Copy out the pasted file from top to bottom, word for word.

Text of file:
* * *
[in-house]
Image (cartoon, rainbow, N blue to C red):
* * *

[in-house]
Image (cartoon, rainbow, N blue to C red):